Did any of you read the first one - Germination? Anyway many thanks to my faithful readers and those who comment on what I write. In particular I must mention the tireless two, Mark and Gaz from Alternative Eden who started me on this and almost never fail to leave a comment - thanks guys! Then there's dusty David from The Desert Edge who also responds to my writings - appreciated! And 'Anonymous' Chad who has on many occasions corrected my shaky nomenclature - carry on! Shall I drop in a deliberate mistake to see if he's still reading?

Incidentally if you don't normally comment on blogs please start! We bloggers lead sad, solitary lives and love to get some human response, even if its to disagree with us! If you want to comment on here, you don't have to join, become a follower or recognise any annoying gibberish to prove you are real! Just write a comment!

Over the year there have been 101 posts. When I started this I promised you gardening topics from two climates and I guess I've fulfilled that. I've certainly posted lots of pictures and know that many have been appreciated. Sunny desert landscapes and dripping UK gardens - lots of the latter last summer. I've enthused about the Huntington Garden, The Eden Project, The Van Dusen Botanical GardenThe High Line Park, Will Giles' Exotic Garden and some wonderful small gardens.

My favourite plants have featured; tulips, aroids, Cercis, Agave, Ricinus, Fremontedendron, Euphorbia,  Sinocalycanthus and the oh so unfashionable bedding plants. Although who could really dislike the flower beds at Tatton featured in the Best Butt Award!

I've probably bored you with the occasional accounts of my running - incidentally over a year, I've probably run around 780 miles and got nowhere - isn't that pointless! But I've seen some interesting gardens and plants in passing. We shared with you our wonderful trip on the Queen Mary and our marriage in New York. And despite my barbed comments about my partner Philip, we are still happily together after 17 years, also celebrated last week.

I've certainly had a few rants; bad pruning, noisy machines, poor design and I feel another coming on when I see the tree pruning in this area. The inclusion of some cooking hasn't really happened. My failure to get an audition for 'The Great British Bake Off' and Philip's inability to eat cheesecake every week, rather dampened that. My new passion for watercolour painting took a debut a few weeks ago and maybe you'll hear or rather see more of that in future weeks.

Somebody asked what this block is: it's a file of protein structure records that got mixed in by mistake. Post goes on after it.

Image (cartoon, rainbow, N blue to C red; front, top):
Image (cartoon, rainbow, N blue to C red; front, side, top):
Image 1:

So as we enter the second year, I have to face the return to the UK in chilly February, followed by a busy season judging at Chelsea and several other shows, followed by East Midlands in Bloom in late summer. Tell you all as it happens! My next blog will introduce you to our new home here and my new garden, although landscaping that will have to wait till I get back next October - a fun filled year ahead! Just to whet your curiosity and hope you'll read on, the following  pic is just a corner of the beautiful development we have just moved into - more next time!

Saturday, January 19, 2013

Totally off topic

Don't you just love the logic of traffic engineers! I remember years ago, when I lived in Reading in the UK, a new traffic engineer installed a rash of mini roundabouts, (lovingly nicknamed cowpats), one way roads and traffic calming measures. The city's traffic crawled to a snail's pace while tempers rose. Over a period of time, many of the expensive alterations were quietly removed.

Here in the USA walking is not a favorite pastime and traffic does not always favour the pedestrian. On major junctions there are pedestrian lights but the traffic does not entirely stop to allow safe crossing. Because it is legally possible for vehicles to make a right turn on a red light, it means that vehicles can cross the pedestrian route even if it says 'Walk'. I guess its just safer to cross at that point!

Now finally getting to the point, there is one wonderful spot I frequently run past with the most  amazing pattern of crossings. Its a fairly minor road but wide and so traffic is faster than most residential roads. At this crossroads, there are three roads bisected by pedestrian crossings. Great, although American drivers seem to ignore them anyway. But the fourth road has short barriers, maybe a couple of metres long directing pedestrians to use the other three crossings.